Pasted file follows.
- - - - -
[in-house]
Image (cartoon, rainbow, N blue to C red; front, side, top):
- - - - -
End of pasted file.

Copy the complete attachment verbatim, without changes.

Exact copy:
[in-house]
Image (cartoon, rainbow, N blue to C red; front, side, top):